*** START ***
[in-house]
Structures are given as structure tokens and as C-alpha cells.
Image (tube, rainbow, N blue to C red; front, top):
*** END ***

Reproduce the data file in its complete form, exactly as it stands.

[in-house]
Structures are given as structure tokens and as C-alpha cells.
Image (tube, rainbow, N blue to C red; front, top):